I had a lovely chat with my 30-year-old son last week. He’s in Sydney and I’m in Darwin, so we enjoy a regular catch-up by phone.
I happened to ask him what he’d been reading in the Bible and he told me he has been memorising verses. One that particularly spoke to him was Ecclesiastes 3:11:
“He has made everything beautiful in its time. He has also set eternity in the human heart; yet no one can fathom what God has done from beginning to end.”
I was impressed by his wisdom as he unpacked what this verse meant to him. He said it reminded him of the scene in the third season of the Netflix series The Crown where Prince Philip is fascinated by the Apollo 11 Moon landing of 1969 and invites the astronauts who made history to visit him at Buckingham Palace.
As a frustrated man of action in his role as Queen’s consort, Philip feels his own life pales in comparison with these heroes and is eager to find out what insights they gained about our place in the universe by seeing the Earth from space and visiting another world.
But the trio, Neil Armstrong, Buzz Aldrin, Michael Collins, all have heavy colds and struggle through the interview, disappointing the Prince. He is devastated when they say there were so many technical demands on their time while in space that they didn’t have time to reflect on the larger significance of their experience.
This letdown spurs Philip to turn back to his Christian faith, seeking there the larger purpose to which he feels drawn.
My son saw a parallel here to the way God sets eternity in human hearts – we yearn for something larger than ourselves and yet feel frustrated by being so hemmed in by this shadow world.
I had another experience this week that showed me how my role as mother to my elder son has shifted. I wrote him a birthday card in which I thanked him for all his support during the year. Back in February, he’d asked to come over and talk to us when we were planning to buy an apartment in Darwin without even seeing it. He was concerned not only about the risk to our financial future in retirement but also for me personally, whether I was being railroaded into a dream of my husband’s without my interests being properly taken account of.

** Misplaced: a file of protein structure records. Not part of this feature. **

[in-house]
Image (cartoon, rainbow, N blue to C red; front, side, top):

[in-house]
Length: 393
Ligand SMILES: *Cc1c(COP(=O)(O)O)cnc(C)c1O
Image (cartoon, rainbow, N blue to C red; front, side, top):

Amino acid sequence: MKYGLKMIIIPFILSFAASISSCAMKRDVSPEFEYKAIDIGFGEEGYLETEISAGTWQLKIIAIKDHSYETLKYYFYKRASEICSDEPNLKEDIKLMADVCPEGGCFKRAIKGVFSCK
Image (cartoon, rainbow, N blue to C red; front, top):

I was impressed by his prudence, and grateful for his concern for me beyond my role as mother and wife.
I cherish this season of life with my son, even though when I dream about him he’s often a small boy again.
But once we made the big move to Darwin, he was nothing but super-supportive, wholeheartedly jumping on board with our vision of serving the Lord and spreading Christ’s love in whatever way we could as enthusiastic church members.
So as I expressed my appreciation in his birthday card, it struck me again how our roles have been upended. In the past, he’s been the one to thank me for my motherly love and support in my birthday card. Now he’s the one upholding me.
So yes, God has made everything beautiful in its time. And yet we cannot fathom what He has done from beginning to end. I cherish this season of life with my son, even though when I dream about him he’s often a small boy again. And I miss that impish, energetic little fellow! Yet I appreciate even more the beautiful man he has become.
“For everything there is a season, and a time for every matter under heaven: a time to be born, and a time to die; a time to plant, and a time to pluck up what is planted; a time to kill, and a time to heal; a time to break down, and a time to build up; a time to weep, and a time to laugh; a time to mourn, and a time to dance; a time to cast away stones, and a time to gather stones together; a time to embrace, and a time to refrain from embracing.”